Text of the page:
Go Take A Hike!

Troop Beverly Hills

Troop Beverly Hills

 

There is nothing quite like being out in nature. The smells of the canyons the sounds of the wind in the grasses and trees. Being outside away from the computer, your phone, the television... it really does refresh you.

For the past few years our family has gotten really into hiking and discovering new trails to explore with our kids. Being out in nature and having a little adventure is one of my boys favorite things to do. Climbing on rocks, looking at bugs and lizards and finding caves are all things that equal up to kid paradise.

photo: thingsweheart.com

photo: thingsweheart.com

Here is a short list of a  few of our favorite California hikes and a few we are looking forward to trying. Most of these options are family friendly, meaning our 5 year old can pretty much walk on his own (With a short biggie back ride from Daddy here and there).

 

1. SANTIAGO OAKS REGIONAL PARK- 

2145 N. Windes Drive
Orange, CA 92869
santiagooaks@ocparks.com

Photo: letsgooutside.org

Photo: letsgooutside.org

Why we love it: Besides being super lush (when we have enough rain)  and beautiful, we love Santiago Canyon because we can bring our dog! This 1,269-acre Santiago Oaks Regional Park is a nature lover’s paradise. Hiking, biking and equestrian friendly this park has tons of trails to choose from ranging from super easy to nice and long. On mother's day we spotted a beautiful mule deer from on of the hills and were able to just sit and watch her from above. It was beautiful! 

Photo: Thingsweheart.com

Photo: Thingsweheart.com

 

2. Aliso and Wood Canyons Wilderness Park-


28373 Alicia Parkway
Laguna Niguel, CA 92677

Photo: meetup.com

Photo: meetup.com

Why we love it: Seriously one of the coolest hikes we have been on. A little long for our littlest, but so worth it when we came to the cave rock! We did see a rattlesnake just off the trail , but it was dead... A good reminder to be careful, they are there. 

Pretending to be a bear- photo: thingsweheart.com

Pretending to be a bear- photo: thingsweheart.com

Approximately 4,500 acres of wilderness and natural open space land. Originally, part of the Juaneno or Acajchemem tribal land, it later was owned by Don Juan Avila, Louis Moulton, The Mission Viejo Company and now is under the jurisdiction of OC Parks. Within the park lands are mature oaks, sycamores, and elderberry trees, two year round streams and over 30 miles of official trails.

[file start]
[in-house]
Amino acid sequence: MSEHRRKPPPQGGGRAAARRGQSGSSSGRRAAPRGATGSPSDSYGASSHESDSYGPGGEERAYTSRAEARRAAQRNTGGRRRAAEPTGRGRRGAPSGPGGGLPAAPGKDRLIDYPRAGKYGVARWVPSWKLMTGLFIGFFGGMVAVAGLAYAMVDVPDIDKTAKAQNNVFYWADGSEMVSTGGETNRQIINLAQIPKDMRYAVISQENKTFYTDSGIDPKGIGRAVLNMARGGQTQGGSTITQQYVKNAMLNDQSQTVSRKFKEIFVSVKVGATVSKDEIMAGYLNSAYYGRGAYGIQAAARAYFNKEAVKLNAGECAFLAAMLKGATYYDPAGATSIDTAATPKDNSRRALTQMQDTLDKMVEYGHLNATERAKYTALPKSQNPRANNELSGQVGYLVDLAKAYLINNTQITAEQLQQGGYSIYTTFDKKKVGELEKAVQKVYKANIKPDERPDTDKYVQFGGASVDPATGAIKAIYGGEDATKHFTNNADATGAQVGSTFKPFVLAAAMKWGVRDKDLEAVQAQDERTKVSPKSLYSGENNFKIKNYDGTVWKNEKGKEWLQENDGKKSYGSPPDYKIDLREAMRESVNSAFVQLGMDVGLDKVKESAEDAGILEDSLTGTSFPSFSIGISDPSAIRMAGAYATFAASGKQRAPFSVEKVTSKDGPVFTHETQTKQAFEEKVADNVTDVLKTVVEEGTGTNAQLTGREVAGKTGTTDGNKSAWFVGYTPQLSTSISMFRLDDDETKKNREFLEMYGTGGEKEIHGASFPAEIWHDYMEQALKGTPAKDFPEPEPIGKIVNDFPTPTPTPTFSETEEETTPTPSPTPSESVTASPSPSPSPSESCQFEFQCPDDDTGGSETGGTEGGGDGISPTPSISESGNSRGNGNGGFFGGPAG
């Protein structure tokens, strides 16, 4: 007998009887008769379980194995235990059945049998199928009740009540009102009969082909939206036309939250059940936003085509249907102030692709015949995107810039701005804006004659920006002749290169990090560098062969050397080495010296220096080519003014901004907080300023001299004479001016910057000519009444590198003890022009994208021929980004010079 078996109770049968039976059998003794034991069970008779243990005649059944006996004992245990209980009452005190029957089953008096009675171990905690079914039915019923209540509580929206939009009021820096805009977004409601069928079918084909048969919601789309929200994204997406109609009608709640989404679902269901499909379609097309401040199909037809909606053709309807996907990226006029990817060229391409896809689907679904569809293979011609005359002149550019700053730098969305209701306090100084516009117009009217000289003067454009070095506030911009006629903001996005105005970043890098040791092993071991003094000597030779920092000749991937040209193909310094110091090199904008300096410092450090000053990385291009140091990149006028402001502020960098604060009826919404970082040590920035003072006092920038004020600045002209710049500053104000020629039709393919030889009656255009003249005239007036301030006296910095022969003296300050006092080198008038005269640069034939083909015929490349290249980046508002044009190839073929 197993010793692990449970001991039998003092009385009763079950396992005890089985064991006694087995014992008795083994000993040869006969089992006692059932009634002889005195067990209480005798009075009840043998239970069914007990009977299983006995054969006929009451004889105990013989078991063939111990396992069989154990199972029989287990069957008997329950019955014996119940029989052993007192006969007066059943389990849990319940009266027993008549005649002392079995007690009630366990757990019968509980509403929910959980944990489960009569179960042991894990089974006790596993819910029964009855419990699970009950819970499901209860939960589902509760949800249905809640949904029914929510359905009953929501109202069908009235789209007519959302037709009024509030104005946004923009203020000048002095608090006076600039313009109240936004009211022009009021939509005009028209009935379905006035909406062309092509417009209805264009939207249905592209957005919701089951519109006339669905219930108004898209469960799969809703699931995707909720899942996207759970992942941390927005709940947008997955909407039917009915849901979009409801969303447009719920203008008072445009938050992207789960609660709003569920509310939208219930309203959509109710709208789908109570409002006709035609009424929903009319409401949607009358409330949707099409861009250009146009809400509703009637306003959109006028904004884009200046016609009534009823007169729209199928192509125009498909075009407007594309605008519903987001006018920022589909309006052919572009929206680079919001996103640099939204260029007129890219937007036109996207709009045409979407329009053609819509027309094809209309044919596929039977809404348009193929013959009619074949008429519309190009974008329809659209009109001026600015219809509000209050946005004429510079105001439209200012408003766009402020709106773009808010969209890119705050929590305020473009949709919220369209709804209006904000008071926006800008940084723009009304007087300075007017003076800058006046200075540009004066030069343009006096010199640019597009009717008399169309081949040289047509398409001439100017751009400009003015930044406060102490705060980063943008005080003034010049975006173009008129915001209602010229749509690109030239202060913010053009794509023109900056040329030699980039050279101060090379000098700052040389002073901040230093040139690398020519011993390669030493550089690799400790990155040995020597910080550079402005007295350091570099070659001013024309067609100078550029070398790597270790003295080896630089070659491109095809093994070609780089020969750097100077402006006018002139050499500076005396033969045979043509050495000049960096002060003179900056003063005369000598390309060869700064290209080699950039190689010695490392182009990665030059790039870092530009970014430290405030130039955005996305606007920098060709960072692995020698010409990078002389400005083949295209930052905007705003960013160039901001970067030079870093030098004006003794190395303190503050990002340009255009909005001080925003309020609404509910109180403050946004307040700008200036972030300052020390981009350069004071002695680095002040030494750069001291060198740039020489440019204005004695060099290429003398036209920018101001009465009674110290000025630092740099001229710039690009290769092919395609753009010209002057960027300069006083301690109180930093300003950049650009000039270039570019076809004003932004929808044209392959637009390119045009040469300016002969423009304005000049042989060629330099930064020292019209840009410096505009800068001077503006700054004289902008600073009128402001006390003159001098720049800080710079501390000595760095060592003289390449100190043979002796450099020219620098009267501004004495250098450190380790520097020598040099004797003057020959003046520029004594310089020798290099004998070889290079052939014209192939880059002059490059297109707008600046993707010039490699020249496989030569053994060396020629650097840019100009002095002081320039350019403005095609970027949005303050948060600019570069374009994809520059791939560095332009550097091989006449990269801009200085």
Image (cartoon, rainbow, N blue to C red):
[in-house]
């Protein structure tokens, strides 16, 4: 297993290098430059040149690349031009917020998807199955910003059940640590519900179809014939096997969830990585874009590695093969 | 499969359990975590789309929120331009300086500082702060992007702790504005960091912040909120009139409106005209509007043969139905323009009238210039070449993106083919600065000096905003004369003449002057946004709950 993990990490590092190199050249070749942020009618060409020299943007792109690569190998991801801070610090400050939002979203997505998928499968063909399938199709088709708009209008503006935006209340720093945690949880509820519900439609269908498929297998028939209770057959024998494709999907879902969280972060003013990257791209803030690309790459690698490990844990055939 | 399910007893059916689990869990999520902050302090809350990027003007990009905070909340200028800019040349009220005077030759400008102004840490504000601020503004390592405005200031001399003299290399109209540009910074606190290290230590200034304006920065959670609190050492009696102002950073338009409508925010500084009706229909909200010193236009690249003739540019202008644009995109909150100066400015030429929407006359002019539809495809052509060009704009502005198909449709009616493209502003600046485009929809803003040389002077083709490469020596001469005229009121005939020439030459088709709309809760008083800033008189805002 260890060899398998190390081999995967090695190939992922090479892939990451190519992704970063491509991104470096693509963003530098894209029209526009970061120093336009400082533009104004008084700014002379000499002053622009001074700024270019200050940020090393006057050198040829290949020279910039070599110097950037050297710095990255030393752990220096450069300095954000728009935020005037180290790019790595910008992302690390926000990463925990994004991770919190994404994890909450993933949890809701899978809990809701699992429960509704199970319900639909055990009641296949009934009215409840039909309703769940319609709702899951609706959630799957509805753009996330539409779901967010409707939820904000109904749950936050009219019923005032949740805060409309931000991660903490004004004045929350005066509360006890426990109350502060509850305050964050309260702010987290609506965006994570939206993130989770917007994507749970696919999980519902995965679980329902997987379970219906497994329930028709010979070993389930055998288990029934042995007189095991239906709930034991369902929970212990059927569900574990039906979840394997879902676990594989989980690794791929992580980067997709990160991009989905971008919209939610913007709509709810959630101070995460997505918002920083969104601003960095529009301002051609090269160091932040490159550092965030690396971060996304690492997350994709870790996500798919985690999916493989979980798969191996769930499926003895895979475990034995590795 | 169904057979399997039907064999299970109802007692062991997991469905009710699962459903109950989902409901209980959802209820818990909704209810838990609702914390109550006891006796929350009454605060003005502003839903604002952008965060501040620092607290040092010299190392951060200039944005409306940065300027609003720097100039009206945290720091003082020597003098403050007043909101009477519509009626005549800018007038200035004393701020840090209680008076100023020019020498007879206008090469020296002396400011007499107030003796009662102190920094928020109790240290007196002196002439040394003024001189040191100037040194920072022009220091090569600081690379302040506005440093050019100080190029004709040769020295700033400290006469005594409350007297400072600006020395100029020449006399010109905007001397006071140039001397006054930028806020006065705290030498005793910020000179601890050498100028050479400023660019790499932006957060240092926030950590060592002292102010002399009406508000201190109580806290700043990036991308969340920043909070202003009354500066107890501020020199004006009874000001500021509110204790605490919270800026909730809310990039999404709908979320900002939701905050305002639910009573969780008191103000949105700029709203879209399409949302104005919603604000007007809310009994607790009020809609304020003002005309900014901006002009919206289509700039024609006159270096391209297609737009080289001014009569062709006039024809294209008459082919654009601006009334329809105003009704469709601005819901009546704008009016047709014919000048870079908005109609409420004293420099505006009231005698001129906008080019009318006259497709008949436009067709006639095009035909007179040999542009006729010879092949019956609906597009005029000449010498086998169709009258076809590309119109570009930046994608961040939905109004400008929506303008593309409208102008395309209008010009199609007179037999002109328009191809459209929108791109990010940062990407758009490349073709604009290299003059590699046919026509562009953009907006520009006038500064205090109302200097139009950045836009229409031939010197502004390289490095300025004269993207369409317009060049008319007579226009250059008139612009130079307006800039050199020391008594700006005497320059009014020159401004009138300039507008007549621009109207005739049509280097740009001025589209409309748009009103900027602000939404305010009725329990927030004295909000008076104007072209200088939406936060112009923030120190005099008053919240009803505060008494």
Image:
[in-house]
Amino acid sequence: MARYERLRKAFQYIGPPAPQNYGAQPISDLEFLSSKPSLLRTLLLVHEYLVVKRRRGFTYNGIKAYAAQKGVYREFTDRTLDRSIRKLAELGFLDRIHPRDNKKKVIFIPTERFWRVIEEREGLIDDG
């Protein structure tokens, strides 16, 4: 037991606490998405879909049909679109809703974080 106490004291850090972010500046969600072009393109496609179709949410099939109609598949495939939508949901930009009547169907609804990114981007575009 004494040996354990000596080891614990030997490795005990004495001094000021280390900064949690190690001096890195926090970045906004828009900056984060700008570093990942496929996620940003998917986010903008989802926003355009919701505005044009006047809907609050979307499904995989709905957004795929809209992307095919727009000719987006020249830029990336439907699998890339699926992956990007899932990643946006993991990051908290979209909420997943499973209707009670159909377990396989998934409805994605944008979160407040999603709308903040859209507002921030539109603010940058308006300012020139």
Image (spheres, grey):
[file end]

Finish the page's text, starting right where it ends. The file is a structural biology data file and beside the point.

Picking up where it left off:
3. Paramount Ranch - Western Town

2903 Cornell Road, Agoura Hills, CA 91301

Photo: thecottonwoodtree.wordpress.com

Photo: thecottonwoodtree.wordpress.com

 

Now this is a hike/nature walk that we haven't tried yet but I am dying to because I think my boys will flip.  Bought by Paramount Pictures in 1927 and used as a film location for westerns.  Several stars filmed at the ranch including actors Bob Hope, Gary Cooper and Claudette Colbert, and director Cecil B. Demille. Films such as The Maid of Salem (1937), The Adventures of Marco Polo (1938), and Ebb Tide (1937) were filmed here.

A short hike from the parking lot, you can bring your dogs here as long as they stay on the trail and on leash. What a great combo of two things we love.. Nature and old Hollywood fun. 

 

4. Murphy Ranch-

Sullivan Fire Rd, Pacific Palisades, CA 90272

Photo: Ted Soqui

Photo: Ted Soqui

As someone who grew up in Los Angeles... Hanging out in Topanga Canyon and the Palisades with kids that did graffiti, I can not believe I have never been here. Maybe I was too busy watching My So Called Life. 

Murphy Ranch was brought up twice to us in the past two weeks by our really cool friends who were telling us all about it. 

Here is some info we pulled off of Los Angeles Trails on HikeSpeak.com

In the 1930s Nazi sympathizers built a refuge in the Pacific Palisades. Herr Schmidt, Winona and Norman Stephens, and their followers occupied a self-contained stronghold in what is now Rustic Canyon between Sullivan Ridge and Will Rodgers State Park. Murphy Ranch was designed to serve as a hold out for fans of the Third Reich waiting for America to fall to the Nazis. Instead, the ranch was raided by U.S. authorities and closed in 1941. The abandoned buildings were transformed into an artists’ colony in the 60s and 70s, but were abandoned after the Mandeville Canyon Fire in 1978. Today the grounds of Murphy Ranch are uninhabited, dilapidated, and covered in graffiti. While much of the history is lost, several structures remain, along with long cement staircases that still link Murphy Ranch to Sullivan Ridge Fire Road, providing a 3.85-mile hike with 325 feet of elevation gain.

Now the rumors are the remains of the building were demolished this Spring and that sucks,because we may never get to see this incredible and crazy place. I feel like it would still be worth it to go and check it out and see where it used to be. 

 

Photo: Thingsweheart.com

Photo: Thingsweheart.com

We hope you get up and get out with your loved ones this summer! We live in a beautiful place, lets use it. 

 

Share your favorite hiking spots with us in the comments section. 

 

XOXO- TWH